Wednesday, February 4, 2015

Steve Farrer's Flounder Pattern

Reposting from SOL just so it doesn't get lost :)

Material:
- DNA Holofusion in ashwood
- Belly: epoxy mixed with tungsten powder

I've been experimenting with this flounder imitation for the last couple of weeks and am happy with the way it fishes. I would, however, like to use a commercially available 60 degree stainless jig hook if one exists. Right now I'm tying them on eagle claw 413 sizes 1 and 2. They are not stainless and are a tad too flexible, especially in size 2. I've also used a variety of standard stainless hooks with the eye bent up but like the jig hook better for this fly. If any of you know of a strong 60 degree stainless available in size1 and 2, pls post it in this thread.

I'll post the step by step on www.aswf.org in the next month or so but for those who would like to tie some up now it's just an alternating side to side hi-tie all the way up the shank, that's trimmed to a flounder profile. You can see it's not much different than the peanut bunker hi-tie shown in the photo. A craft brown marker is used for the back and black for the dots. If you work from the center of the fly out with the brown but stop short of the edge, it gives the illusion of fins. Eyes are placed forward, then coated with plasti-dip. Top and bottom of the shank are coated as well to protect the wraps. Finally, with the fly belly side up in a vise, epoxy mixed with tungsten powder(available at local fly shops around here and distributed by Rumpf as Deep Powder) is placed forward and allowed to cure flat. The material used is DNA Holofusion in ashwood. Enjoy the pattern. Should be able to use the same technique for a crab so you might want to experiment.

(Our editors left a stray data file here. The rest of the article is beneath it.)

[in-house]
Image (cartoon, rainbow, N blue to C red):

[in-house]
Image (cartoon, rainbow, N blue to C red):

SteveF



2 comments:

Ben Mckinley said...

I really like these flounder flies. I've actually included them in a recent post I wrote about striped bass flies that can be found here:

http://thejighead.com/2016/04/02/13-great-striped-bass-flies

njwater said...

Thanks for the link, Ben.

Steve Fahrer is a NJ tier, very influential and creative.

Many of his patterns can be found on the Atlantic Saltwater Fly Rodders club page: http://www.aswf.info/

So, all credit goes to Steve!